Coleman Hits Two Top-10 World Times At Swedish Grand Prix

2017 Swedish Grand Prix

Michelle Coleman completed a sweep of the 50, 100 and 200 freestyles at Sweden’s Grand Prix meet, hitting top-10 world-ranked times in the latter two races.

Coleman’s best swim was her 1:58.47 200 freestyle, a swim that ranks #6 in the world so far this season (stretching back to September of 2016). Coleman is about two and a half seconds off of world leader Federica Pellegrini.

2016-2017 LCM WOMEN 200 FREE

KatieUSA
LEDECKY
07/25
1.54.69
2Federica
PELLEGRINI
ITA1.54.7307/26
3Emma
McKEON
AUS1.54.9907/25
4Veronika
POPOVA
RUS1.55.0807/25
5Sarah
SJOSTROM
SWE1.55.5108/08
6Michelle
COLEMAN
SWE1.55.6404/08
View Top 26»

Coleman was also 54.42 to win the 100 free, checking in at #7 worldwide. Her winning 50 free time was 25.43. That sits tied for 15th in our world ranks.

Coleman wasn’t the only triple winner of the meet. Her countryman Christoffer Carlsen picked up a trio of sprint wins. His first came in the 100 free, where his 50.86 won by about half a second. He won the 50 free by a similar margin, going 23.05. And showing his versatility, Carlsen won the 50 back by another half-second in 26.59.

Belgium’s Lander Hendrickx made an appearance at the Swedish meet, picking up three distance wins. Hendricks was 3:56.14 to win the 400 free, 15:35.51 in the 1500 free and 2:05.51 to blow out the 200 back field by a whopping 6 seconds.

Swedish record-holder Simon Sjodin tripled up, going 2:00.63 to win the 200 fly, 24.31 to win the 50 fly and 2:08.20 to take the 200 IM. Sjodin was a scratch out of the 100 fly, where he had a great shot to win as well. Meanwhile Hannah Rosvall swept the 50 fly (27.64) and 100 fly (1:01.65) while also winning the 200 back (2:21.47).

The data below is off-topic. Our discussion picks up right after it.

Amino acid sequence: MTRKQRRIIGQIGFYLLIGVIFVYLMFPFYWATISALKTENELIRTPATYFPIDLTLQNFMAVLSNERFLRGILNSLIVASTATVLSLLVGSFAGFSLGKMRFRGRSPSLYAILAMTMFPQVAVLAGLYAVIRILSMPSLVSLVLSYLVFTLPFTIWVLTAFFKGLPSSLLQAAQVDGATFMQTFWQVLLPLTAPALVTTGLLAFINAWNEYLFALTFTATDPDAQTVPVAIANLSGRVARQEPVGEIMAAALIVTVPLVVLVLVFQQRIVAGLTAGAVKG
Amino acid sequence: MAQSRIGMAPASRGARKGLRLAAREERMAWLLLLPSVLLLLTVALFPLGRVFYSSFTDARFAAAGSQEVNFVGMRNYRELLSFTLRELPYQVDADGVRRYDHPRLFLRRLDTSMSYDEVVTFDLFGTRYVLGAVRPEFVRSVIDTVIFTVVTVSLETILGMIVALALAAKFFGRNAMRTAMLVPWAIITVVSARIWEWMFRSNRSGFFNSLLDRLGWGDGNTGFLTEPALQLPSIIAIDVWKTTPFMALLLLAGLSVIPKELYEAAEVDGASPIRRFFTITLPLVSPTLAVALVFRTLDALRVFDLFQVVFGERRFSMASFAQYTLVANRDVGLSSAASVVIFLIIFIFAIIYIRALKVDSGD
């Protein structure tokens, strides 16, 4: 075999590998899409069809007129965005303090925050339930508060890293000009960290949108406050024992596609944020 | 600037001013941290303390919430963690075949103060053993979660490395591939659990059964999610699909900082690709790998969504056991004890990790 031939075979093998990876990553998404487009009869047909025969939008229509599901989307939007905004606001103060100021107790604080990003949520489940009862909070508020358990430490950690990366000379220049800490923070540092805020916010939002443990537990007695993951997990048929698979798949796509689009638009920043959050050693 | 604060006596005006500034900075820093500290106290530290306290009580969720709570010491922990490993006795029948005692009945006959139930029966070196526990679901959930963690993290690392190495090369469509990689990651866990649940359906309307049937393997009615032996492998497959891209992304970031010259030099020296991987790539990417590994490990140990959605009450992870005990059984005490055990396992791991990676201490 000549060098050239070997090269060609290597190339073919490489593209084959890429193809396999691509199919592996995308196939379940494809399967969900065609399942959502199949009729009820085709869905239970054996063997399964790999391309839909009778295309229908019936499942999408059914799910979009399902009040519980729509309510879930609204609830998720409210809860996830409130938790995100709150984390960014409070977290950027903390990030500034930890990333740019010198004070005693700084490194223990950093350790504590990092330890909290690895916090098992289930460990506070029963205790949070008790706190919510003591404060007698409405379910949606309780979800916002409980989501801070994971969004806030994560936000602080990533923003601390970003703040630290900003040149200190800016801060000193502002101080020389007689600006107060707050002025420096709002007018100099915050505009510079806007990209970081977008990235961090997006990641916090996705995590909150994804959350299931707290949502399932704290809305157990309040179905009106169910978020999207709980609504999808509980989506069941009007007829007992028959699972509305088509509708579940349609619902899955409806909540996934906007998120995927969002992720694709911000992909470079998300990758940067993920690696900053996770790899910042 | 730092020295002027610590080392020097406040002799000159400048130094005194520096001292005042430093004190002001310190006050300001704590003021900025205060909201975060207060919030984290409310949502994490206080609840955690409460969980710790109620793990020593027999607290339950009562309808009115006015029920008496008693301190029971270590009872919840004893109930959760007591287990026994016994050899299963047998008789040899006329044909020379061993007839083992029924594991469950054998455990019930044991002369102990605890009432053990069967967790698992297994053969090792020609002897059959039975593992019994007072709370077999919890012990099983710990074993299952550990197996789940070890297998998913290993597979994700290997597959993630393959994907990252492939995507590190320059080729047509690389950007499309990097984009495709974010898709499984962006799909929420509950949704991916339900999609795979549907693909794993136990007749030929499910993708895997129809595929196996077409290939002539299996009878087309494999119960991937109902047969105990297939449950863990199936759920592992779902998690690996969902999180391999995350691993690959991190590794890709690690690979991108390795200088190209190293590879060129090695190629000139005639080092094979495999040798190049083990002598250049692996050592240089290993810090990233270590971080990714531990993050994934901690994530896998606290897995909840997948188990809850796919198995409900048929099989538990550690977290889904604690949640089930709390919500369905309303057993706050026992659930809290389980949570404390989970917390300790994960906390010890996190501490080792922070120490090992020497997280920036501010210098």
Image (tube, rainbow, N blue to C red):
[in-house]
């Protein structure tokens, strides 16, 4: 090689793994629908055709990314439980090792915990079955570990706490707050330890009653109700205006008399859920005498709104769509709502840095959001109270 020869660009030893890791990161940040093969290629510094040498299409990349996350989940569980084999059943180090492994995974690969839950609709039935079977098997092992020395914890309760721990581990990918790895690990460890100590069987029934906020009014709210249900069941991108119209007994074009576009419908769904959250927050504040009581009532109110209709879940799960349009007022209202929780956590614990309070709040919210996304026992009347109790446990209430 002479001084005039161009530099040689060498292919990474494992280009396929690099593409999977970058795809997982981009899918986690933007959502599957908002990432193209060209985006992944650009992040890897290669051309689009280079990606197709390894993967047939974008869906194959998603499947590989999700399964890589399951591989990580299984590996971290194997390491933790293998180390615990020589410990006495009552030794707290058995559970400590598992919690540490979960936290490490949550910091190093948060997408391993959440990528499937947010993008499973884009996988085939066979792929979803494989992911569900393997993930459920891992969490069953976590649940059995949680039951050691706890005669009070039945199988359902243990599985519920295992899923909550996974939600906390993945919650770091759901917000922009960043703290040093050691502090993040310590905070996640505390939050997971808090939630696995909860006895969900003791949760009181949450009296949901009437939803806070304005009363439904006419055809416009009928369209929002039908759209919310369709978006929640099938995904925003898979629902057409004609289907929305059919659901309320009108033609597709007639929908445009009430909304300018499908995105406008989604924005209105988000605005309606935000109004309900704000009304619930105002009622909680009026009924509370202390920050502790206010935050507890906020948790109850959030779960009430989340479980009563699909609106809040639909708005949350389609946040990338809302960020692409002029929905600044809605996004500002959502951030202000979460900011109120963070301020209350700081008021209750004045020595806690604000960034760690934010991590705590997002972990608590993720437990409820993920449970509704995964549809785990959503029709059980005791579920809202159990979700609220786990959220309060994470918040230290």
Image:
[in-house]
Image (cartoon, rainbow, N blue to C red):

Note: the “Vladimir Morozov” listed in the results is not the World Cup champion as previously noted, but a different swimmer with the same name.

In This Story

2
Leave a Reply

2 Comment threads
0 Thread replies
0 Followers
 
Most reacted comment
Hottest comment thread
2 Comment authors
newest oldest most voted
Riez

Didn’t Ikee’s 1:56.33 happen this year?

ERVINFORTHEWIN

Belgians are coming forth , surprisingly better and better .

About Jared Anderson

Jared Anderson

Jared Anderson swam for nearly twenty years. Then, Jared Anderson stopped swimming and started writing about swimming. He's not sick of swimming yet. Swimming might be sick of him, though. Jared was a YMCA and high school swimmer in northern Minnesota, and spent his college years swimming breaststroke and occasionally pretending …

Read More »

Want to take your swimfandom to the next level?

Subscribe to SwimSwam Magazine!